Q2 together with R2 and CR6 form the Emergency Power Supply switching circuit. CR6, a zener diode, drops the 12 volt battery voltage to TTL levels. A low (0.6 volts or less) derived through diodes from switch S2 on Drawing 2 of 3 will bias Q2 to act as a switch allowing power to be applied through CR8 to the collector of Q3. CR7 and CR8 act as a diode switch which prohibits power from being applied back through F1 to the power input terminals under emergency conditions.
Q3 together with R4 and CR9 act as a voltage regulator. Input derived voltage levels allow R4 to bias zener diode CR9 which drops 8 volts permitting the emitter of Q3 to operate at 7.6 volts. This almost constant voltage permits Voltage Regulator U8 to operate with a highly accurate +5 volt output.
|Cited Patent||Filing date||Publication date||Applicant||Title|
|US3750138 *||Dec 17, 1971||Jul 31, 1973||Wentworth R||Visual display system|
|US3976995 *||May 22, 1975||Aug 24, 1976||Sanders Associates, Inc.||Precessing display pager|
|Citing Patent||Filing date||Publication date||Applicant||Title|
|US4394649 *||Jul 28, 1980||Jul 19, 1983||I/O Corporation||Communication terminal providing user communication of high comprehension|
|US4647223 *||Aug 29, 1985||Mar 3, 1987||Kolpak Industries, Inc.||Cold storage room thermometer and back-up power supply|
|US4970683 *||Oct 16, 1989||Nov 13, 1990||Heads Up Technologies, Inc.||Computerized checklist with predetermined sequences of sublists which automatically returns to skipped checklists|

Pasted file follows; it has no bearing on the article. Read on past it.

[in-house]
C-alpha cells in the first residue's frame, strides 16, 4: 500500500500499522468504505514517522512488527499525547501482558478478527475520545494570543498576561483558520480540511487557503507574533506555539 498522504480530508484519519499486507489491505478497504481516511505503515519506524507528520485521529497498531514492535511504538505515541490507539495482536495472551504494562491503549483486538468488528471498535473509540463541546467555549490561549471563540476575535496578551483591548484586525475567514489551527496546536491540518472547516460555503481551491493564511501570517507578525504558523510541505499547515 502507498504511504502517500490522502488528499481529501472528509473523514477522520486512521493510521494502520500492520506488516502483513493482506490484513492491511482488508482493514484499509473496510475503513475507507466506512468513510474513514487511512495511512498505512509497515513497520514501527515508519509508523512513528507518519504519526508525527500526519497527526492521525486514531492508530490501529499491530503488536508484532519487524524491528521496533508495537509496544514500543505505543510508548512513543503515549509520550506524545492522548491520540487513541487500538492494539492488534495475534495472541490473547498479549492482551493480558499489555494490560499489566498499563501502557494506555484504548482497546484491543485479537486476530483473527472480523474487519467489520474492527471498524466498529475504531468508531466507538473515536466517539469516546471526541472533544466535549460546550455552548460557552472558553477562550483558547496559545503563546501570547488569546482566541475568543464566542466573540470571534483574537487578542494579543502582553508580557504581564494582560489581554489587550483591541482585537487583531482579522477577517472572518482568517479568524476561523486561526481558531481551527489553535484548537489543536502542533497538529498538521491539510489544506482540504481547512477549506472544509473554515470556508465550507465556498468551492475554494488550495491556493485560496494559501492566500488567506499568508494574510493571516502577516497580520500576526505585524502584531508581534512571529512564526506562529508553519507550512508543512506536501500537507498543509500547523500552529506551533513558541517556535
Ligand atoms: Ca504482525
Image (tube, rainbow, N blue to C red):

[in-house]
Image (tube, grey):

|US5225813 *||Nov 12, 1991||Jul 6, 1993||Marine Power And Control, Inc.||Liquid fuel overflow prevention system|
|US6609082||Mar 22, 2001||Aug 19, 2003||David S. Wagner||Machine control device|
|US7009522||Aug 16, 2004||Mar 7, 2006||Seatsignal, Inc.||Object-proximity monitoring and alarm system|
|US8060400||Dec 13, 2007||Nov 15, 2011||Crown Equipment Corporation||Fleet management system|
|US8249910||Dec 13, 2007||Aug 21, 2012||Crown Equipment Corporation||Fleet management system|
|US8583314||Aug 12, 2010||Nov 12, 2013||Crown Equipment Corporation||Information system for industrial vehicles|
|US8626571||Jul 9, 2010||Jan 7, 2014||Certusview Technologies, Llc||Management system, and associated methods and apparatus, for dispatching tickets, receiving field information, and performing a quality assessment for underground facility locate and/or marking operations|
|US8725345||Nov 1, 2013||May 13, 2014||Crown Equipment Corporation||Information system for industrial vehicles|
|US8731999||Feb 11, 2010||May 20, 2014||Certusview Technologies, Llc||Management system, and associated methods and apparatus, for providing improved visibility, quality control and audit capability for underground facility locate and/or marking operations|
|US20050030188 *||Aug 16, 2004||Feb 10, 2005||Flanagan Stephen R.||Object-proximity monitoring and alarm system|
|EP0646855A2 *||Sep 12, 1994||Apr 5, 1995||Hewlett-Packard Company||Information retrieval device for displaying a document|
|U.S. Classification||345/184, 345/30|
|International Classification||G09G3/14, G06F15/02, G06F3/00|
|Cooperative Classification||G09G3/14, G06F3/002, G06F15/0283|
|European Classification||G06F15/02S4, G06F3/00B, G09G3/14|